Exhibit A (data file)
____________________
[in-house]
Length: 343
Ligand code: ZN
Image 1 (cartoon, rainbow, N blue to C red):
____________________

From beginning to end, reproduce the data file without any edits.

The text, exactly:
[in-house]
Length: 343
Ligand code: ZN
Image 1 (cartoon, rainbow, N blue to C red):